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Since I was a little boy, I wanted to fly jets, especially fighter jets. I was blessed to realize that dream during most of my 20 years as an Air Force officer.

Fighter squadrons are tough places to work. The competition is intense, and the environment is unforgiving. A few seconds of indecision or inattention can be fatal. The greatest routine challenge for fighter pilots is the one-vs.-one Basic Fighter Maneuver (BFM) air-to-air training mission. It is where all the training, experience and natural ability of a pilot is pitted against another pilot in an equally performing aircraft. In World War I, fledgling fighter pilots began calling similar combat engagements "dogfights."

The F-16, the last fighter I flew, is an incredible dogfight platform. During turns, it sustains up to 9.5 G's. If your hand normally weighs five pounds, at 9.5 G's, it weighs almost 50 pounds. The engine generates more than 30,000 pounds of thrust, more than the airplane weighs, so it maintains its energy in a dogfight better than almost any other aircraft. It integrates a 20-millimeter cannon that fires 100 rounds per second, heat-seeking and radar guided air-to-air missiles, and lots of air-to-ground weapons. It was a thrill every single time I flew it.

I've reflected a great deal lately on one F-16 BFM mission I had in the summer of 1992, just before I transferred from my squadron in northern Japan. I was a major and had flown F-4 and F-16 fighters more than 14 years, accumulating nearly 3,000 hours. That day I had a young lieutenant on my wing, Warren Rogers, who was in his first operational assignment after flight training. He was intelligent, handsome, quiet and athletic. As the flight leader, I briefed the mission, then we suited up, headed to our jets and took off.

Once in the training area I directed Lt. Rogers to fly a mile abreast of my aircraft, then gave the "Fight's on!" call over the radio. We both began hard turns into each other, straining to get the maximum performance from ourselves and our aircraft. The goal was to get to the other pilot's six o'clock (rear) in a position to potentially employ weapons. In training, real weapons aren't fired. Instead, our performance was evaluated through our heads-up camera film when we debriefed after the mission. We repeated the set-up three times.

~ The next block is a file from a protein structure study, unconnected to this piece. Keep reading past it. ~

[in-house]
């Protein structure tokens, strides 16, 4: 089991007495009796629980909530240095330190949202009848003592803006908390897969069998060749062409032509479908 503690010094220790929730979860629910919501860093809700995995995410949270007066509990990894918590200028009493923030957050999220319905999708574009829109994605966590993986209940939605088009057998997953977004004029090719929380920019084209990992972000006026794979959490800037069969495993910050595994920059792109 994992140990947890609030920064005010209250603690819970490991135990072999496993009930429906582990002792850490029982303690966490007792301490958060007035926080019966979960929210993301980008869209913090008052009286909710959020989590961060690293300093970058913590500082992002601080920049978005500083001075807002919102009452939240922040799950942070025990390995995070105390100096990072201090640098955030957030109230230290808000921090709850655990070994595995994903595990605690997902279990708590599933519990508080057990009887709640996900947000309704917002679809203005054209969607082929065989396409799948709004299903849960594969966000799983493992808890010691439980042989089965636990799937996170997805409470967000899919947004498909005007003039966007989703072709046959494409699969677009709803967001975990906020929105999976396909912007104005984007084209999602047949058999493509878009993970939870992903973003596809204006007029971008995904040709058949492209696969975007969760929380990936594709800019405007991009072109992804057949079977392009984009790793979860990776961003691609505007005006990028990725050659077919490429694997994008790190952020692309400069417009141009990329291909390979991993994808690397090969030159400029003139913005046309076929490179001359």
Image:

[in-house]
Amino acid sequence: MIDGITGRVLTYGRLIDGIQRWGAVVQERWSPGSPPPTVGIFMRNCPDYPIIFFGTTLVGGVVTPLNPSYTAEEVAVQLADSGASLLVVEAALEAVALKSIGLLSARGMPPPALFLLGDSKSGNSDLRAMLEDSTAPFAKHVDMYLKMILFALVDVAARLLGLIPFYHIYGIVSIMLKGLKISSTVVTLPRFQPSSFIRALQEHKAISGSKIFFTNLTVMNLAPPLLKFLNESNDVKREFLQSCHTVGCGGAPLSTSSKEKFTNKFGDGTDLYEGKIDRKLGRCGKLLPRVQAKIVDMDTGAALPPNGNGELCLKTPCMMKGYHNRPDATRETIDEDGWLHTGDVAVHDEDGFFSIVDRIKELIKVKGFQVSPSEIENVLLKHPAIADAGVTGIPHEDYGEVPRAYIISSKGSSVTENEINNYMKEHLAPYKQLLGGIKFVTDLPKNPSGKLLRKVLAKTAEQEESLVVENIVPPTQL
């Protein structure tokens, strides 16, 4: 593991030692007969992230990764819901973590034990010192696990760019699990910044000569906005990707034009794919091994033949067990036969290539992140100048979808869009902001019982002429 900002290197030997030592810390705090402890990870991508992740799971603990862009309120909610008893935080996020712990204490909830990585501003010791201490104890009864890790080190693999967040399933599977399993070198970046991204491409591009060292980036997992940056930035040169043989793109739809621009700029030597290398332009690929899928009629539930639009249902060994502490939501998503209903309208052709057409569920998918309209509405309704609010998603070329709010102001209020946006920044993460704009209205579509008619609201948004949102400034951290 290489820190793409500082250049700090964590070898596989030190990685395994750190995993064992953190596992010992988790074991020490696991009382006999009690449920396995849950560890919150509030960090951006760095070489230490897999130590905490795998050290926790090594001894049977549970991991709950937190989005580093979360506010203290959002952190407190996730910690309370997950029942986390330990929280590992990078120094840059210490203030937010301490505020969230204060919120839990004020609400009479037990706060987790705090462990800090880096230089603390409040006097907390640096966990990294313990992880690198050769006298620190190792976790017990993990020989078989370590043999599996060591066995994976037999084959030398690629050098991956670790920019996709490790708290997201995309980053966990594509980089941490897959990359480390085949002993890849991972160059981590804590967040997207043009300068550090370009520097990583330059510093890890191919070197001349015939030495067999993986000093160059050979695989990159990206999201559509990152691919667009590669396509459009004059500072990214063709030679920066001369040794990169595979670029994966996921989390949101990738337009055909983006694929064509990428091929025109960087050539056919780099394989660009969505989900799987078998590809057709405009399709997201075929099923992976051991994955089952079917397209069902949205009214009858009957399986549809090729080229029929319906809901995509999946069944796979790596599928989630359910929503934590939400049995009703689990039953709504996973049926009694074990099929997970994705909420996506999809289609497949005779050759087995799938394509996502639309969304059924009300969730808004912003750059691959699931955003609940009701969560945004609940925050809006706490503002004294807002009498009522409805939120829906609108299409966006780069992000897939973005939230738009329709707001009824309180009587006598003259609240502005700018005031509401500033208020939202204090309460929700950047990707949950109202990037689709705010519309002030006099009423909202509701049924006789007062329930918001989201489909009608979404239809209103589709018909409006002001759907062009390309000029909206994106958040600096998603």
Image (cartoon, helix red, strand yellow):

With my experience, I should have easily won each engagement, but it didn't turn out that way. Lt. Rogers flew superbly. He capitalized on my mistakes and made almost none himself. He outflew me. I wasn't humiliated. I was beaten by the better pilot, and I respected him for it. I praised him during the debriefing, as it was obvious that he had worked hard, was disciplined and understood the complex missions we flew. He epitomized what we expected of our young pilots.

So, why would I think a lot about that sortie out of the thousands that I flew in my military and commercial careers? Lt. Rogers was the only black pilot in my squadron. I could have cared less about his skin color; yet, suddenly this summer, I'm supposed to be "woke" from the sins of my racist past. He beat me that day because he was better. Our skin color had nothing to do with anything. He earned my respect; he didn't demand it.

Lt. Rogers carried himself with dignity. He let his actions speak for him. His character was the antithesis of the arrogant, small-minded, barbaric decadence that defines the stooge puppets performing for the Marxists and socialists behind the Black Lives Matter and Antifa movements this summer.

Thankfully, there are a lot more Warren Rogers types out there than the protesting thugs, both white and black, would have us believe.

Roger Smith, a local author, is a frequent contributor to the Times Free Press.

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